Therefore several sorts of remedies have been tried, such as citizens’ boards and review committees, and completely independent investigative bodies staffed by lawyers and trained police investigators. All have demonstrable faults. The compulsory and continuous presence of professional observers or inspectors called “monitors” has been useful in several respects. People perform better when being observed, and observers may notice defects in general procedures and policies that can be corrected.
The main issue is the independence of the police department in its entirety. We usually think of three branches of government. All formal branches are involved in the general policing power of the state, the regulation of behavior for the improvement of public safety, health and morality. The forceful and sometimes deadly power wielded by law enforcement is considered to be an executive function. Yet a police force should be independent of the judicial, executive, and legislative functions while carrying out the will of the people expressed by their government.
That is, the police are the public, and not the servant of a politician, judge, lawmaker, or entrenched bureaucrat. Still, police officers should not pander to public opinion, and should obey and enforce all of the laws, and do so equally, not picking and choosing between violations and violators.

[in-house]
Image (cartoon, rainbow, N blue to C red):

Without the respect of the public, no police department is legitimate nor can it endure for long. That is why respect is so important to police officers: it is the basis of their power, without which they could lose not only their livelihood but their lives.
The City of Miami Beach Police Department was admittedly losing respect. People blamed not only its officers but the feudal system of the entrenched bureaucracy. There is one thing above all that police departments must do to main respect: respond to complaints. The MBPD responded to the swelling complaints, independently of the bureaucracy, and considerable improvements have made.
Internal Affairs usually gets a lot of flak, but it must be remembered that it has in fact investigated Miami Beach officers, and that some officers were suspended and fired, yet several were reinstated by judicial process. In fact, the complaint of complaints of Internal Affairs investigators in this country is that around 90% of their recommendations to prosecute are not prosecuted because prosecutors are unable to get juries to convict because of the prejudices of the jurors and judges.
The Internal Affairs/Public Corruption Unit, now being tested in the City of Miami Beach will be one the improvements the independent police department wants to make. Since it could be given cause to investigate members of the entrenched bureaucracy and the political elite, we shall see if they have the wisdom to provide an adequate budget if the pilot program is productive.